Our results indicate that the Wnt-induced activation of AXIN2 and DKK3 as well as suppression of FZD5, secreted frizzled-related protein 1 (SFRP1) and transforming growth factor beta 3 (TGFB3) constituted negative feedback loops, which are able to dampen Wnt signaling. In addition, IL1β has been shown to indirectly activate β-catenin signaling by inducing canonical WNT7B expression and by inhibiting the expression of canonical Wnt antagonists [42]. Furthermore, we observed the up-regulation of IL1β and IL1RL1. We detected significant over-expression of TCF4, which is in accordance with Wnt-induced TCF/LEF gene expression and constitutes a positive feed-forward circuit that reinforces Wnt signaling. This feature has been observed elsewhere during colon carcinogenesis [43]. These various Wnt pathway self-regulatory loops are mostly used in a cell-specific modality, affording additional complexity to Wnt response amplitude and duration control.

Importantly, with regard to Wnt/β-catenin signal modulation, the results of our microarray analysis identified the overexpression of NOTUM and the alteration of GPC1 and GPC3 expression. There has been a recent renewed interest in the involvement of Notum and glypicans in the modulation of Wnt signaling. The secreted enzyme Notum has been found to inactivate Wnt by removing a lipid that is linked to the Wnt protein and that is required for the activation of Wnt receptor proteins [4]. Wnt signals also turn on the expression of the gene encoding Notum, leading to negative feedback regulation that intrinsically limits signaling. Originally discovered in fruit flies in screens for genes that interact with the Wnt protein Wingless, NOTUM gene encodes a secreted hydrolase, which has recently been identified in hepatocellular carcinoma with mutant β-catenin [44].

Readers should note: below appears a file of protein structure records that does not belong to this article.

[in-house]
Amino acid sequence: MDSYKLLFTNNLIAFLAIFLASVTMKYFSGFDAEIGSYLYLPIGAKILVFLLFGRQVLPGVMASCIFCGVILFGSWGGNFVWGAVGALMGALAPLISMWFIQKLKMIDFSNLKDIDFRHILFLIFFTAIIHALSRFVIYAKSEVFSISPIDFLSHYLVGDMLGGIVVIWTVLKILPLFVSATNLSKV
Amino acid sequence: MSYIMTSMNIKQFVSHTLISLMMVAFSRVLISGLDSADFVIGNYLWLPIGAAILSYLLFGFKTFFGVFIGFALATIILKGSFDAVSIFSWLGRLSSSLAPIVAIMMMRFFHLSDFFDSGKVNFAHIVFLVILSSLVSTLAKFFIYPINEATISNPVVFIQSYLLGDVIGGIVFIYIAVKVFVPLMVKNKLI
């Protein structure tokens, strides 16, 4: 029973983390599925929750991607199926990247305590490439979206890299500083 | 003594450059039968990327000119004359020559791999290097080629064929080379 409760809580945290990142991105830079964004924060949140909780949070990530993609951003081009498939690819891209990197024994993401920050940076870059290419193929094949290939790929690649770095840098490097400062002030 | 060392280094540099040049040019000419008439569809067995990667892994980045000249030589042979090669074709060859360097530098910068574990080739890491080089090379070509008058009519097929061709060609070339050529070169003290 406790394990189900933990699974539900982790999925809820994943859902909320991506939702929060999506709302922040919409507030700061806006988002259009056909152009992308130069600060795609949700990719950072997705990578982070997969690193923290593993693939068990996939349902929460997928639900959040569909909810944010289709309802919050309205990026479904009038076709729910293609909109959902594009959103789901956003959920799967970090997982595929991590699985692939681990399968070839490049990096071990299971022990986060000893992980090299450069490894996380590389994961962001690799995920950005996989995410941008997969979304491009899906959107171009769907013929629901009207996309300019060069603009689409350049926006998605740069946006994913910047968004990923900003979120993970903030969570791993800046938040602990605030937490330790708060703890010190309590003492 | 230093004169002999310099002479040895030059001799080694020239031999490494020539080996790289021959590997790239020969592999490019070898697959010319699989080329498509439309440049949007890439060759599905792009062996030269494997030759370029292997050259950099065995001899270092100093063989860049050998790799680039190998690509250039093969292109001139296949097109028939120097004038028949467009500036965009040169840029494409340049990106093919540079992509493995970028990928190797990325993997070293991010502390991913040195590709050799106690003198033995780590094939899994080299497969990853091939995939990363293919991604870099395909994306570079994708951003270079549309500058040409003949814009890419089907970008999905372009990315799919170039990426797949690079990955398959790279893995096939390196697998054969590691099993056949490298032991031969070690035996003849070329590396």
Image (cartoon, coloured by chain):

The Notum-enhanced expression in murine colorectal adenocarcinoma reflects its activation in the canonical Wnt/β-catenin pathway, implying the crucial involvement of Notum dysregulation in CRC pathogenesis. Our clinical findings in a set of human sporadic colorectal adenocarcinomas confirmed the transcriptional and protein up-regulation of Notum. This finding was in agreement with the over-expression of Notum observed in human primary colorectal and gastric cancers and their cell lines as shown in the expression database of the International Genomics Consortium (http://www.intgen.org/), where Notum overexpression is also reported in breast, lung, ovarian and endometrial cancers.